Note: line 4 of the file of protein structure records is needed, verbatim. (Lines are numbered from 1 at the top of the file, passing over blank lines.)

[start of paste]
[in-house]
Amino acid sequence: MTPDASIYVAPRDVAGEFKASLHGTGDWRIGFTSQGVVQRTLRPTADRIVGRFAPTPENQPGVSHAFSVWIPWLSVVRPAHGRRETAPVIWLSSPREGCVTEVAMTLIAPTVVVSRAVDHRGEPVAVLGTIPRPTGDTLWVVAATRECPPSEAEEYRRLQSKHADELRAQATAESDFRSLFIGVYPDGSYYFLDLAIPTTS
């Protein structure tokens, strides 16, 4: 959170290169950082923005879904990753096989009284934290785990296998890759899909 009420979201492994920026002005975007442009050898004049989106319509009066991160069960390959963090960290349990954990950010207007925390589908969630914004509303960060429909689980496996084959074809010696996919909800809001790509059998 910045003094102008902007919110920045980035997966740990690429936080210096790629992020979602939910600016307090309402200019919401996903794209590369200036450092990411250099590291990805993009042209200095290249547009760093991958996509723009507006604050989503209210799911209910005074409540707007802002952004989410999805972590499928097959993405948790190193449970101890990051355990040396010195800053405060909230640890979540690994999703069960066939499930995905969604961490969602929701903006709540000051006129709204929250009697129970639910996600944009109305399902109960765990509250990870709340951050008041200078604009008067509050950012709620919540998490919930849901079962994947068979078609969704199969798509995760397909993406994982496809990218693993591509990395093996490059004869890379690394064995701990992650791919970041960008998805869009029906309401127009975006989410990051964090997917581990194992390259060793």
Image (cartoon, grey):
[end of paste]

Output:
Image (cartoon, grey):